E-government services. These services stand to benefit both government and citizens alike as they are cost-effective, reduce opportunities for corruption and help build transparency and trust toward the government. On this front, Australia and Singapore score better than most other developed nations, followed by New Zealand, South Korea and Japan. Several countries in the Asia-Pacific region, including Malaysia and Sri Lanka, are prioritizing a strong e-government strategy to contain corruption. The report points out that “One of the main drivers of e-government strategies, for instance in the Asia-Pacific region, is the desire to reduce corruption.”

Exhibit 2: Top Scorers in the Online Service Index (Asia)

Source: UN E-Government Development Index

Cybersecurity preparedness. 2017 witnessed a major rise in disruptive cyberattacks. Governments and business organizations have therefore incorporated defense strategies to mitigate the growing frequency and severity of cyberattacks. Currently, Taiwan is the global leader in this regard, while Singapore, Malaysia, Australia and Japan also scored highly among Asia-Pacific countries.

Exhibit 3: Top Scorers in the Global Cybersecurity Index (Asia)

Source: International Telecommunication Union (ITU)

Openness to Innovation

“Openness to innovation” is a measure of how easy it is to develop and implement new ideas. The report states that, “If there is funding available to help researchers to explore innovations, and if infrastructure is in place to help firms to adopt new technologies, then the business environment will appear more attractive to forward-looking companies. In turn, too, openness to innovation can influence consumers’ expectations and boost productivity—a key driver of long-term economic growth.” Openness to innovation is gauged using three performance indicators: internationally granted patents, R&D spending and research infrastructure.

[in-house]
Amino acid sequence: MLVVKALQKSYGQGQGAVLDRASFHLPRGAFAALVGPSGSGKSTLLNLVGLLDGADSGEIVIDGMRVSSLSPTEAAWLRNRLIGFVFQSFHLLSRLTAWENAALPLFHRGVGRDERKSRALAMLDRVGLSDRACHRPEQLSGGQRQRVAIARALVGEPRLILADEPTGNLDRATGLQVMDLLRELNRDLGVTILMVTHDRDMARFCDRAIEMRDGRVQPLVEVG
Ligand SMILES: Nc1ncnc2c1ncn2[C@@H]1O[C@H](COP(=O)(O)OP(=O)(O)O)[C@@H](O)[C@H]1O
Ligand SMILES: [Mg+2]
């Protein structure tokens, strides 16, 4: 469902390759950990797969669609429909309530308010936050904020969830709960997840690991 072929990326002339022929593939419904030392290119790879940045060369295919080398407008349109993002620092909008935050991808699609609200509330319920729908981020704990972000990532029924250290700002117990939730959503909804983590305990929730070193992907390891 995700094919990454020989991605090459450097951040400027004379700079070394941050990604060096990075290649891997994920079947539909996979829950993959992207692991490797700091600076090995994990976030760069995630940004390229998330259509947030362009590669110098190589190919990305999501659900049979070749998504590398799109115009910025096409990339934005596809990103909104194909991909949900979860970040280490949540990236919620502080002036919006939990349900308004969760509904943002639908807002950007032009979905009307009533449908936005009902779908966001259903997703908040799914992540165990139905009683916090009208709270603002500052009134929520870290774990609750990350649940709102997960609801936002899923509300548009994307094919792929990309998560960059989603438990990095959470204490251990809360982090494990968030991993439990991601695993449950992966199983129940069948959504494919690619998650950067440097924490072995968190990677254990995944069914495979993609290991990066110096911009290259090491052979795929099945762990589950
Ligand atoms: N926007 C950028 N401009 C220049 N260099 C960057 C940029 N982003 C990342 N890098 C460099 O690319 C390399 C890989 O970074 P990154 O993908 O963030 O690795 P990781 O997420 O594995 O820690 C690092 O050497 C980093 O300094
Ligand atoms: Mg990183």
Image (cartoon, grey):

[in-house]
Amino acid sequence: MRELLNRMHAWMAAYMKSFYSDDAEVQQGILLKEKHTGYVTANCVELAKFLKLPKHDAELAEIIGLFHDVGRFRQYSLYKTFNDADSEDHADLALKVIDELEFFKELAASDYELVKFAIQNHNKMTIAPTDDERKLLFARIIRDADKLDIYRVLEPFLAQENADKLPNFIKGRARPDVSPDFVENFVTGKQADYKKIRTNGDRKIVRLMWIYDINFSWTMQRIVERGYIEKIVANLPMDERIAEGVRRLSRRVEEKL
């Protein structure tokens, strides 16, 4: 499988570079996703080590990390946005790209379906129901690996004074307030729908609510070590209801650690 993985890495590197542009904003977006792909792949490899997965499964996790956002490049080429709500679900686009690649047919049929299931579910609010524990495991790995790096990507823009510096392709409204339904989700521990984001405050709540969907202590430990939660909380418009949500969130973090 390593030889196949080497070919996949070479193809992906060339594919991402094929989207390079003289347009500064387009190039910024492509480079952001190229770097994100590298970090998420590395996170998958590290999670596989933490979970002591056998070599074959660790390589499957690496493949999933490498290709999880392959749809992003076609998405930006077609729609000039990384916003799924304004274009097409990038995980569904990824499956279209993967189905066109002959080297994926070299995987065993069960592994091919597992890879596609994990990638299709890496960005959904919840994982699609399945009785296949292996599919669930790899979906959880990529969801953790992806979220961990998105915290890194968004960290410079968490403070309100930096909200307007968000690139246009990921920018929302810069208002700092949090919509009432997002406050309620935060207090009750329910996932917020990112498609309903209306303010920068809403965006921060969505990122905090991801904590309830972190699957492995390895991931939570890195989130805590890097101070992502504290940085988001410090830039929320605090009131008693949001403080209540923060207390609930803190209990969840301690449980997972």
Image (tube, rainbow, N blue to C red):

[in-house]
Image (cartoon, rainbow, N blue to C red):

Patents. Patents are an effective measure of a country’s innovative capabilities. The U.S., Japan, Germany and South Korea were strong performers, according to the report. China ranked seventh, and its patent applications have witnessed a surge on account of higher domestic patent filings. However, the report points out that patented innovations alone cannot boost productive capacity or instill an innovative business culture unless they are put to use effectively.

Exhibit 4: International Patents Granted

Sources: European Patent Office; U.S. Patent and Trademark Office

R&D spending. This is an effective way to gauge how well an innovation is funded and is also correlated with higher productivity and longer-term growth. “Israel and South Korea are the biggest spenders on this metric, with R&D spending in both countries exceeding four percent of GDP,” the report says. Significantly, R&D spending in China (2.1 percent of GDP) overtook EU spending (2 percent of GDP) on R&D.

Research infrastructure. This measure is based on indicators such as quality of a country’s research institutions, the strength of university-industry links and the government’s support of innovative firms. Innovation clusters are one example of an effective research infrastructure. For instance, the report finds that “innovation clusters such as Singapore that have closely linked businesses, suppliers, financing and research institutions all in one place punch far above their weight.” In the research infrastructure metric, OECD countries take the top positions. However, emerging economies are catching up, with cities in China and India making significant strides. Indonesia is also expected to improve in this metric in the coming years.

Technological Readiness Will Improve

Finland and Sweden lead globally in terms of technological readiness. They are followed by a few countries in Western Europe and the advanced economies of Asia-Pacific. However, it is expected that in the period between 2018 and 2022, governments from poorly performing Asian countries will commit investments toward improving their technological readiness. Countries such as Vietnam, Sri Lanka and Indonesia are expected to witness substantial improvements.